Thus, whatever value that I take for RGB transmissivity, I make a some mistake,
when I calculate illumination.

Question 6. Does this problem can be solved in one of two ways:

1. I scale values for sun, sky and ground, in the manner described in questions
3.2 and 4.
2. I compile an octree that includes an office, only one source of light (sun),
and a model of window glass with transmissivity that corresponding to the sun
angle. For this octree, I calculate illumination (I1).
Then, I compile a new octree that includes a same office, two sources of light
(sky and ground), and a model of window glass with transmissivity that
corresponding to the sky and ground. For this octree, I calculate illumination
(I2).
In the end, I calculate I = I1 + I2, which actually represents the total
illumination.

I apologize for the long mail.

Hi Milan!

Welcome onboard!

For the purposes of my work, I need to calculate illuminance level in
one point of working plane in a simple office (for clear sky and
sunny day), for different luminaires output levels, different slat
angles of exterior venetian blinds, and for different times of the
day (i.e. for different solar angles).

Hm, a lot of work. A first hint, think about how to organize that, so
that you can later repeat the renderings when you have to change
something. People have been using Makefiles, bash scripts, rad as a
specialized tool, ...

I am not interested in for image rendering, just for the illuminance
calculation.

It will still be useful to render some views (plan view, perspectives) to understand what is going on. Artefacts due to ambient settings not adapted to e.g. you fenestration become evident when you look at a splotchy image, but may be difficult to understand from some few illuminances.

stuck with window glass modeling. This is what I got from Optics5 for
2 layers glazing system (1. clear glass 6mm ; AIR gap 12mm ; 2. clear
glass 4mm):

void glass GlzSys1_glass 0 0 3 0.832 0.884 0.859

As far as I understand, for clear glass this is all you need.

When I make a model of complex fenestration system with exterior
venetian blinds, I have two different cases :

Case 1. When sun rays don't pass directly between the venetian blind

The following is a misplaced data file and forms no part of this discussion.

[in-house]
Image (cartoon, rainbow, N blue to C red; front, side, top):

slats, just indirectly from slats (reflected from slats).

Question 1. Because sun rays don't pass directly trough window glass,
I suppose that all the light that reaches the window glass is diffuse
(light is reflected from ground, sky and slats). If this is so, which
is the correct value for the definition of window glass material?

You need the transmissivity for a material definition of a glass modifier. Calculating the transmissivity from visual light transmittance is discussed in Axel's Radiance tutorial, p. 47. The material properties of you glass pane are not depending on the shading system or incident light.

Question 3. This may be a stupid question. Theoretically, if I should
get the same results in the following two cases: 1. I create the
distribution for the window with mkillum; window glass is defined
with transmissivity values: 0.725 0.770 0.748 I compile a new
scene octree that includes the old one and adds the new illum window
(new .rad file) to it. Then, I calculate lux level on working plane
with rtrace. 2. I don't create window polygon (there's nothing, i.e.
there is air). But instead, I can scale RGB values for light solar
with the glass transmissivity values. For example: Istead: void light
solar 0 0 3 2.72e+06 2.72e+06 2.72e+06, I put: void light solar 0 0 3
2.72e+06*0.725 2.72e+06*0.770 2.72e+06*0.748, i.e.: void light solar
0 0 3 1.972e+06 2.094e+06 2.035e+06 I compile a scene with changed
.mat file, and then I calculate lux level on working plane with
rtrace. Of course, I will try to calculate this, but I'm definitely
interested in the opinion of experts.

The glass object is not only affecting the transmission through the window opening by simply multiplying, it is also reflective and depends on the angle of incidence. The sun close to the zenith would lead to large portions of irradiance on the glass pane be reflected for example.

Question 4. How can I scale the material of sky, if it is defined
with:

You can (if it makes sense) scale the brightness of the sky either by changing the return value or the glow material that is modified by the brightfunc. Scaling the zenith and ground plane brightnesses should work, but is little transparent (and in fact you change the input values here for the skybright.cal script). Instead, it would be better to scale the glow. Of course, if you scale by smaller then 1, you will find 0.265*R + 0.670*G + 0.065*B < 1 . Still I think you will need a glass pane in your model to care for angular dependance and reflection.

Case 2. When one part of the sun rays pass directly between the
venetian blind slats, and the second part indirectly from slats.

This is perhaps the worst case for modeling. Let us assume that
exterior venetian blinds have 35 slats. If I want to make a proper
model of window glass polygon, I suppose that I need to replace one
glass polygon with 69 glass polygons. 34 are directly exposed to the
sun and have some values for RGB transmissivity (which depend from
sun angle). Other 35 are in shade and have some other values for RGB
transmissivity (transmissivity for diffuse light). Of course, I need
to do some trigonometry calculations. This model of window glass is
valid only for one light source (solar source sun), but not for
skyglow source sky. This seems very complicated, and because of that
would be great if I could do what I asked in questions 3.2 and 4.

You need only one glass pane. Same as in real. The only pitfall is that, without mkillum, you would get a lot of noise at acceptable ambient settings, or never ending rendering times. So just use a mkillum surface at your glass pane, and on the inner side of the blinds.